Installable live chat software: the pros and cons

Installable live chat software isn’t for everyone. In an increasingly cloud-based world, self-hosted solutions have fallen out of favour. Most businesses looking to deploy chat want the quickest, most convenient and hassle-free option. And for most businesses, that means choosing the cloud option.

But within its niche, installable live chat software has a unique range of benefits. Particularly for heavily regulated industries, the self-hosted solution is the safest solution.

So, to install, or not to install? To help you decide which deployment works best for you, we’ve outlined the pros and cons of installable live chat software.


  • Pros:

Installing software on your own servers and behind your own firewalls comes with obvious security benefits. You’re taking ownership of your own security, rather than entrusting it to an external provider. Installable live chat software is self-contained, and inherently secure.

Total ownership is key to self-hosted solutions. You control the network end to end, you control the security policies protecting your software, you control user permissions, you control access. If you follow strict rules and regulations, that’s just the level of control you need.

  • Cons:

Taking security into your hands can be a mammoth undertaking. Firstly, it’s time-consuming. Secondly, it puts pressure on your IT team. And of course, unless you’re a company with strong technical knowledge and resource, there’s no guarantee that you can offer better security than a cloud provider.


  • Pros:

With installable live chat software comes accessible chat data. You’re not shipping your sensitive data to a public cloud service somewhere on the other side of the world. Instead, all customer details, chat reports, transcripts and analytics go directly to your own local database.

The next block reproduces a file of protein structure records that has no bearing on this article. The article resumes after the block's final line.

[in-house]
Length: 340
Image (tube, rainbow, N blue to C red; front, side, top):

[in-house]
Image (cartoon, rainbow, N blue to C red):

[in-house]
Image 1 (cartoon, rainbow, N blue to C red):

You own your data, and can view and extract it whenever you wish. And because of this level of access, you can customise your data usage to meet your needs – from bespoke reports to bespoke integrations. Even better, you do it internally. That means no added cost, and no need for professional services.

  • Cons:

With a cloud solution, you’ll be using a state of the art data centre. It will have leading equipment, leading procedures and leading security techniques. After all, data storage and protection is what it’s designed for.

Those optimum conditions will be hard to replicate in-house. That’s not to mention the expense of creating a scalable, maximum-security environment for your data. Choosing the installable live chat software option means more legwork for your team, and more considerations.


  • Pros:

Hosting your own solution gives you more freedom over the software. You get your own chat URL and SSL certificate. Chat window themes and style sheets can look however you wish them to look. You can hook data to existing corporate database servers, or to other internal systems. Simply put, you can do things you wouldn’t be able to do with a cloud solution.

And again, you can do it all in-house free of charge. At no extra cost, you can tailor the chat to match your brand and streamline your user experience.

  • Cons:

Installable live chat software comes with a certain degree of delay. With so much customisation control, your team can lose focus on the chat itself. Instead, they’re spending time on set-up – set-up that could easily come out of the box.

Plus, things like maintenance and disaster recovery can become a drain on your resources. If you can’t commit extra time and effort to the solution, self-hosting may not be your best option.


Different strokes

Ultimately, it all comes down to your business requirements. If your mind isn’t made up yet, we can happily advise on whether cloud or installable live chat software would be best for your business. We offer both options with WhosOn, with the same great feature-set. Drop us a chat today and we’ll discuss your needs.


Useful links

WhosOn installable edition

WhosOn cloud edition

Is the cloud strangling the self-hosted model? Don’t believe the death knell